Project description:Clathrin-mediated endocytosis (CME) is crucial for modulating the protein composition of a cell's plasma membrane. Clathrin forms a cage-like, polyhedral outer scaffold around a vesicle, to which cargo-selecting clathrin adaptors are attached. Adaptor protein complex (AP2) is the key adaptor in CME. Crystallography has shown AP2 to adopt a range of conformations. Here, we used cryo-electron microscopy, tomography, and subtomogram averaging to determine structures, interactions, and arrangements of clathrin and AP2 at the key steps of coat assembly, from AP2 in solution to membrane-assembled clathrin-coated vesicles (CCVs). AP2 binds cargo and PtdIns(4,5)P 2 (phosphatidylinositol 4,5-bisphosphate)-containing membranes via multiple interfaces, undergoing conformational rearrangement from its cytosolic state. The binding mode of AP2 ?2 appendage into the clathrin lattice in CCVs and buds implies how the adaptor structurally modulates coat curvature and coat disassembly.
Project description:Clathrin-mediated endocytosis (CME) begins with the nucleation of clathrin assembly on the plasma membrane, followed by stabilization and growth/maturation of clathrin-coated pits (CCPs) that eventually pinch off and internalize as clathrin-coated vesicles. This highly regulated process involves a myriad of endocytic accessory proteins (EAPs), many of which are multidomain proteins that encode a wide range of biochemical activities. Although domain-specific activities of EAPs have been extensively studied, their precise stage-specific functions have been identified in only a few cases. Using single-guide RNA (sgRNA)/dCas9 and small interfering RNA (siRNA)-mediated protein knockdown, combined with an image-based analysis pipeline, we have determined the phenotypic signature of 67 EAPs throughout the maturation process of CCPs. Based on these data, we show that EAPs can be partitioned into phenotypic clusters, which differentially affect CCP maturation and dynamics. Importantly, these clusters do not correlate with functional modules based on biochemical activities. Furthermore, we discover a critical role for SNARE proteins and their adaptors during early stages of CCP nucleation and stabilization and highlight the importance of GAK throughout CCP maturation that is consistent with GAK's multifunctional domain architecture. Together, these findings provide systematic, mechanistic insights into the plasticity and robustness of CME.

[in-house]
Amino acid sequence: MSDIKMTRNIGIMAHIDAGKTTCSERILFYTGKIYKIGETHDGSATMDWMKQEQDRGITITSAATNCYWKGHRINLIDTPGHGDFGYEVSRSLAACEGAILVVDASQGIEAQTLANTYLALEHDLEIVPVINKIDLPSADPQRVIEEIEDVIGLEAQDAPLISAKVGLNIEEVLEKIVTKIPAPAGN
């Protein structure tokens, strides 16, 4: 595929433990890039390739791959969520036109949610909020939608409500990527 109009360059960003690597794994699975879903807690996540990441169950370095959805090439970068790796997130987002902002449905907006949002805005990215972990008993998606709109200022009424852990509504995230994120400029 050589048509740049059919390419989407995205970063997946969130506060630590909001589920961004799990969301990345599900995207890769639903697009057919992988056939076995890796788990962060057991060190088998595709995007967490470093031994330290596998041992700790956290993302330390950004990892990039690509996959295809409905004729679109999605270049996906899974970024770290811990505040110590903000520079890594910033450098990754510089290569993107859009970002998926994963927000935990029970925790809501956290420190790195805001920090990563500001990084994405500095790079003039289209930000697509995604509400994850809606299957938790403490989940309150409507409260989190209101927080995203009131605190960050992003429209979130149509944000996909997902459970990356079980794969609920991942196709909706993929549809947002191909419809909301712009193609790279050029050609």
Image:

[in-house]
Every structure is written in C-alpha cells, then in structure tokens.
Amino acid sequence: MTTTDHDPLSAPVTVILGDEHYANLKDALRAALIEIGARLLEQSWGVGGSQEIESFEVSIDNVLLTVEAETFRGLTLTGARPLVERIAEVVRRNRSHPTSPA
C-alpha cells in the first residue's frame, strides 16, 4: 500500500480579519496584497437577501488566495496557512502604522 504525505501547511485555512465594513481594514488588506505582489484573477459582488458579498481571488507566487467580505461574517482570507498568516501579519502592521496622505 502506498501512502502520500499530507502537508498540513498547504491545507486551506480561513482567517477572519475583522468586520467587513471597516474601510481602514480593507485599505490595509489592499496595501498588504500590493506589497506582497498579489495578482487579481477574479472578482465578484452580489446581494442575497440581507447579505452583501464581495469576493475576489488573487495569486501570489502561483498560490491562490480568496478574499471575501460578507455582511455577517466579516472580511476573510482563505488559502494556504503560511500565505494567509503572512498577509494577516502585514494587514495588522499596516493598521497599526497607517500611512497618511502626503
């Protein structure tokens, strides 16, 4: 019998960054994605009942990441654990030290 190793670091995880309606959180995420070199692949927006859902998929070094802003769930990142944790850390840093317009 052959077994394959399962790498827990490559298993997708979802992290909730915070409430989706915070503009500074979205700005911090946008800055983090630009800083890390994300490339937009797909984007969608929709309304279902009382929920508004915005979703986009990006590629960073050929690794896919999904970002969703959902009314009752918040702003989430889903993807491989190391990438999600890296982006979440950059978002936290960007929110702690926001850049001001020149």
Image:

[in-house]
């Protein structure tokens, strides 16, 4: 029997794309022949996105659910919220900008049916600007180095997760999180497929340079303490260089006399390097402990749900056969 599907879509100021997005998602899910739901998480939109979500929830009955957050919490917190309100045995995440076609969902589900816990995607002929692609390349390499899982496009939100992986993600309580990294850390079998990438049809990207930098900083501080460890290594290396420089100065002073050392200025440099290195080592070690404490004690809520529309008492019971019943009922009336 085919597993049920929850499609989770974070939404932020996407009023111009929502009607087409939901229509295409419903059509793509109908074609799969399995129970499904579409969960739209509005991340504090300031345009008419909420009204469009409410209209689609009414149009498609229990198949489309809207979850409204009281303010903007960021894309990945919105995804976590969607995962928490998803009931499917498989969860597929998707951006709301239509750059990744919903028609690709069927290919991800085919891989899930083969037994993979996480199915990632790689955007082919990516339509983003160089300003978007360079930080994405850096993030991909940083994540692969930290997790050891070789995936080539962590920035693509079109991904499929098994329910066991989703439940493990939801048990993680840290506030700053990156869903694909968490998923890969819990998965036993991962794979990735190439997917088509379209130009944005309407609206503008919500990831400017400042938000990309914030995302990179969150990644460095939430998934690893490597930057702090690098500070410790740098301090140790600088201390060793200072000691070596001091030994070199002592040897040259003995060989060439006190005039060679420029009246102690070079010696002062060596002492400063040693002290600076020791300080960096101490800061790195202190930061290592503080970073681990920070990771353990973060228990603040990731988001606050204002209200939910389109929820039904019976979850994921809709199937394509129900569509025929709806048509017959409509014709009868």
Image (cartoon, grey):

Project description:Clathrin-mediated endocytosis (CME) is vital for the internalization of most cell-surface proteins. In CME, plasma membrane-binding clathrin adaptors recruit and polymerize clathrin to form clathrin-coated pits into which cargo is sorted. Assembly polypeptide 2 (AP2) is the most abundant adaptor and is pivotal to CME. Here, we determined a structure of AP2 that includes the clathrin-binding ?2 hinge and developed an AP2-dependent budding assay. Our findings suggest that an autoinhibitory mechanism prevents clathrin recruitment by cytosolic AP2. A large-scale conformational change driven by the plasma membrane phosphoinositide phosphatidylinositol 4,5-bisphosphate and cargo relieves this autoinhibition, triggering clathrin recruitment and hence clathrin-coated bud formation. This molecular switching mechanism can couple AP2's membrane recruitment to its key functions of cargo and clathrin binding.